Tuesday, November 07, 2006

Flopping again

So I kick myself because I made a mistake that cost me my chance to make the money but I saw some interesting hands and some abysmal play. So I learn.

First of all, I see W, the host. He is HU with R, who is a loose player who calls too much. The flop is KJJ. W has a J. He bets out a decent amount. R calls. The turn is a 4. W bets out again, big. R calls.

What can R have? W is fairly straightforward. He’ll bluff sometimes but not so much that he’s wild. You can squarely put him on a J. Now if W was playing against me, he should know that he’s beaten. The worst I have is AJ. I probably have KJ. It’s conceivable I could have had Kx on the flop but I’m not calling a big bet on the turn with less than trip jacks. But R is loose enough to call with Kx, just about, and hope to get lucky. Maybe that’s a stretch even for him. He seems to have been thinking a bit more lately. He could have a straight draw. He would possibly try it with AQ/AT/QT. This would be a horrible call but he’s a horrible player.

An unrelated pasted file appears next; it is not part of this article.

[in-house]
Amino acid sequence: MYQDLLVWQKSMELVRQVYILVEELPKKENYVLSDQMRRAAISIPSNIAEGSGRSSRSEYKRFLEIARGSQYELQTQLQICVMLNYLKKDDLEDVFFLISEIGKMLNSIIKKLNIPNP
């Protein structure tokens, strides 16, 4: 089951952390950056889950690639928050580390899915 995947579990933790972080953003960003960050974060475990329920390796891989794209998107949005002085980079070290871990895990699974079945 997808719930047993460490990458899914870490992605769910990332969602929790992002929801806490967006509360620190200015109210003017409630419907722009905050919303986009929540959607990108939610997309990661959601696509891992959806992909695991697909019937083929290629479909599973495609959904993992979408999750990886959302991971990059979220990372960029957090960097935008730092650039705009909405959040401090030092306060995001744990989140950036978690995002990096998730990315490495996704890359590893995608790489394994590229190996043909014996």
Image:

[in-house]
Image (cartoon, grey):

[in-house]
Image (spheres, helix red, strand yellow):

The river comes a T. W goes all in. This is terrible. W is actually in a spot that often comes up in no limit and you must be able to recognise it when it comes. If R holds AT/QT/Kx and you have him beaten, he will not call your all-in. You cannot make value from worse hands with a big bet. He knows you have trip jacks and cannot have less. Even if he suspected you only have a K, he cannot call. But if he has called you down with a bigger jack or with AQ, he will call your all-in. So W is risking his whole tourney for nothing. He cannot make value with this bet. He can only lose. What should he do? If the draw had not come in, I would definitely be checking and letting R try to bluff it. Because it has, I would bet a small amount, which poor hands might call but big ones will raise. I fold to the raise. I might get bluffed but if I check, I can just about count on facing a bet I don’t want to call, and might fold the worst hand.